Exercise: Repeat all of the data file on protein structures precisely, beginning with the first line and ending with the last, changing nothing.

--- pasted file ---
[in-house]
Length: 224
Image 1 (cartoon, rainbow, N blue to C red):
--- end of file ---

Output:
[in-house]
Length: 224
Image 1 (cartoon, rainbow, N blue to C red):